During the scoping process for the sanctuary, there was strong support for a sanctuary larger than the original nomination. The original nomination is called Alternative B in the Draft Environmental Impact Statement or "DEIS." (Alternative A is no sanctuary at all). NOAA has identified Alternative C as its "preferred alternative." This alternative is considerably larger than the original nomination, yet lacks any sub-estuaries. Alternative D adds many more opportunities for recreation, education, tourism, and research which are specific goals of a National Marine Sanctuary.
Note: the proposed sanctuary encourages fishing. It applies no restrictions on commercial fishing, nor on fossil hunting.
Mallows-Potomac proposed National Marine Sanctuary
system of National Marine Sanctuaries presently comprises 13 sanctuaries and a
national monument ranging in size from one to thousands of square miles.
The sanctuaries are administered by the National Oceanic and Atmospheric
Administration (NOAA) in partnership with local, state, and nonprofit
The Mallows Bay-Potomac
River sanctuary is centered on the largest ship-wreck fleet in the western hemisphere, the "Ghost Fleet of Mallows Bay." As a result of public comments during the scoping process completed in 2016, NOAA is presenting three alternative sizes for the sanctuary (B, C, and D, mapped above).
large number of groups and individuals have recommended a sanctuary like Alternative D because it would greatly enhance the sanctuary's goals
of promoting recreation, education, research, and tourism. The map below compares Alternative C (yellow dashed line) with Alternative D (blue dashed line). Included in "D" are the valued and calm sub-estuaries of Mattawoman Creek, Nanjemoy Creek, and the Port Tobacco River. These estuaries and the intervening section of the tidal Potomac River figure prominently in the Nationwide Rivers Inventory “judged to be of more than local or regional significance" by the National Park Service.
If designated, Alternative D would still be only the 4th smallest of all sanctuaries. But as outlined below, and detailed here, it would include many remarkable opportunities for tourism, research, education, and recreation.
Learn more from NOAA on the proposed Mallows-Potomac National Marine Sanctuary
Learn more from Maryland's Dept. of Natural Resources
Maritime and cultural heritage is also enhanced with verified Native American occupation sites, two likely landing locations of Captain John Smith, about 18 additional shipwreck sites dating to the 1700's, seven "lost fisheries" (including a caviar facility), two civil-war shore batteries, and the escape route of John Wilkes Booth.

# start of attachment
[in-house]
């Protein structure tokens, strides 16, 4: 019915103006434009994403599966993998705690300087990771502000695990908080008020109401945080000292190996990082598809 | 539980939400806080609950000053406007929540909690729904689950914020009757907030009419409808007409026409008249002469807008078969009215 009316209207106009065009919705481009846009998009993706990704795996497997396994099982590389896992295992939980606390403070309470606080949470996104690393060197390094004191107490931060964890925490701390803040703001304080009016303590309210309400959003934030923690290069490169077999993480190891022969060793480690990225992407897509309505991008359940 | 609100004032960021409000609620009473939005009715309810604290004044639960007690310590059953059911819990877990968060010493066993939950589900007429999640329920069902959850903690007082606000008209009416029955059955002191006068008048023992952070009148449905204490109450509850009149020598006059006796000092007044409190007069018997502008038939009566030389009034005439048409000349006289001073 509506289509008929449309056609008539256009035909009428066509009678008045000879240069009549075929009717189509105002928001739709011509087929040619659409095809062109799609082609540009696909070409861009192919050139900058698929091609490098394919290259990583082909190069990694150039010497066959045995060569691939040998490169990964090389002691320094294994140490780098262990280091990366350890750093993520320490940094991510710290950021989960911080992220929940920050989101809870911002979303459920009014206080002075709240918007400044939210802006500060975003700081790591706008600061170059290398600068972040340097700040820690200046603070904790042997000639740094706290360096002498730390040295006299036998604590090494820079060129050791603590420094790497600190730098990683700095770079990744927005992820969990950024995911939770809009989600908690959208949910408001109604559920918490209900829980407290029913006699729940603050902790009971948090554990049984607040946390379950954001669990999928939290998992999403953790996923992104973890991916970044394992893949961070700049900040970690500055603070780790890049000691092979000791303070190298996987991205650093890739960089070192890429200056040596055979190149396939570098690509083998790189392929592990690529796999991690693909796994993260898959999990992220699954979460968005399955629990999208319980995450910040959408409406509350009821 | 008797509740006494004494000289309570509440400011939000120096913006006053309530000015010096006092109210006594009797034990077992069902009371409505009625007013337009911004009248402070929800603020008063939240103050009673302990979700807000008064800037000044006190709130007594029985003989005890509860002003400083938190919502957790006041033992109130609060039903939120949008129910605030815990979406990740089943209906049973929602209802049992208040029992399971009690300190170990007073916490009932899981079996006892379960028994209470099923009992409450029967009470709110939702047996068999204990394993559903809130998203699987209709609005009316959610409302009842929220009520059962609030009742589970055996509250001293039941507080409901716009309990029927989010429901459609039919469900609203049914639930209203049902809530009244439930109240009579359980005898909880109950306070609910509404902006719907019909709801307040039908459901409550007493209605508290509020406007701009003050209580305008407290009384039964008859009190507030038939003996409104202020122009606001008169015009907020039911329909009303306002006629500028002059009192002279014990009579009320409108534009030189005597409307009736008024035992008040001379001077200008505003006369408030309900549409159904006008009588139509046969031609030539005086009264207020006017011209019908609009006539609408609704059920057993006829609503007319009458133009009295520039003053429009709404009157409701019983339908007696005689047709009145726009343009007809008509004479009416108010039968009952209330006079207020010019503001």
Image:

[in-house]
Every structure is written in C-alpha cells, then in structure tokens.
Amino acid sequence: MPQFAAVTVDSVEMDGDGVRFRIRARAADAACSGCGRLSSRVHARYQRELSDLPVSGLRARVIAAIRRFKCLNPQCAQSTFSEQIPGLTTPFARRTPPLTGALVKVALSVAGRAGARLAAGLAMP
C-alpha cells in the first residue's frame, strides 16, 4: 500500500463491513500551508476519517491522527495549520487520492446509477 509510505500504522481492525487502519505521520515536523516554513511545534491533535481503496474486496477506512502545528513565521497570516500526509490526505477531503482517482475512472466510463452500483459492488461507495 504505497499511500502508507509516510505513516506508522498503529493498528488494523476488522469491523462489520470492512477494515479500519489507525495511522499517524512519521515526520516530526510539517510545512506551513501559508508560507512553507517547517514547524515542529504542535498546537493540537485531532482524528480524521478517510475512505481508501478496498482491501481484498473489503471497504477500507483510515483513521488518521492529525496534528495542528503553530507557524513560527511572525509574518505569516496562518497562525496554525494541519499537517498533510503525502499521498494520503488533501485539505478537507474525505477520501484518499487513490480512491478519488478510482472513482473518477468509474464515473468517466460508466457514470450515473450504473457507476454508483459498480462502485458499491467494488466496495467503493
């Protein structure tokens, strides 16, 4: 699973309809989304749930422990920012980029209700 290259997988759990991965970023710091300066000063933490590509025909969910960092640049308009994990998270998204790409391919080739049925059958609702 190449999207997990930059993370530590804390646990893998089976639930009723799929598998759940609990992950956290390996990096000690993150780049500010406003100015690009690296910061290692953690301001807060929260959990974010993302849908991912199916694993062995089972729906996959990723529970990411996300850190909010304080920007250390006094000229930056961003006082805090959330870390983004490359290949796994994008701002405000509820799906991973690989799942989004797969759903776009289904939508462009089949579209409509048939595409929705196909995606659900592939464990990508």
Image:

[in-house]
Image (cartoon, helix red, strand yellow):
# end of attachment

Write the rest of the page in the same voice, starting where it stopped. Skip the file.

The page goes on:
-Expands the range of habitats and ecological regimes, including nearly the full wintering range of the endangered Shortnose Sturgeon.
Opportunities for education, tourism, recreation & benefits for town of Indian Head
-Adds access points to reliably safe and quiet waters in sub-estuaries for long-scheduled field trips.
Marine heritage & nature tourism
-Alternative D adds about 18 sites where ships are known to have sunk, dating back to the 1700's.
-Includes areas of operation of the 1st ‘aircraft carrier’ that launched spy balloons in the Civil War from a barge near Mattawoman Creek.
-Supports the revitalization of Indian Head through tourism, including a visitor center, which would also relieve rural Mallows Bay of crowding pressure.
-Water trails: more extensive use of the John Smith Trail; Potomac Heritage Trail; Star Spangled Banner Trail.
-Land trails: more extensive range for the Religious Freedom Byway and bicycle-touring route on Route 224. Adds the John Wilkes Booth land & water escape route.
-Adds extensive tidal-freshwater marshes. These include Mattawoman's ‘breadbasket marshes’ once employed by Native Americans and the only site on the western shore with a natural population of American Lotus.
-Adds many Native American archaeological sites along Mattawoman and Nanjemoy Creeks and Port Tobacco River and five additional towns mapped by Capt. John Smith.
-Adds three state parks, a county park, a town park, Mattawoman Wildands, and three Wildlife Management Areas connecting to water.
-Adds sites of historical fisheries, including the Shad and River Herring at Chapman Point (Chapman State Park) and a caviar fishery at Glymont.
Research (see also right-hand column)
-Adds baseline fisheries research, esp. for Mattawoman and in the Potomac via seine surveys.
-Adds year-round tidal freshwater where many migratory marine fish species spawn.
-Hotspot for spawning by striped bass and other migratory-fish.
-Ideal sentinel site (see column to right).
An ideal Sentinel Site
From the NOAA website:
“National marine sanctuaries are where monitoring and research take place to enhance our understanding of natural and historical resources and how they are changing… In that sense they are what we call 'sentinel sites' and are focal points for both the scientific and resource management communities.”
Alternative D would enhance the sanctuary’s value as a sentinel research site because it would then include much more brackish "mesohaline" water, and would add year-round tidal freshwater (see map above). This transition is ecologically rich, esp. the globally uncommon tidal freshwater. Here striped
bass produce the 2nd
highest number of eggs in the Chesapeake Bay, of national significance considering the Bay produces up to 90% of the Atlantic Ocean's striped bass.
Other important marine species like Alewife Herring also spawn here (map to right), and the federally endangered shortnose sturgeon has been detected near Mattawoman Creek & Chapman State Park.
The sanctuary would be uniquely
suited to monitor ecosystem response to shifts in brackish boundaries and marsh
flooding expected with sea-level rise. See darker blue areas in map below copied from the MERLIN mapping app.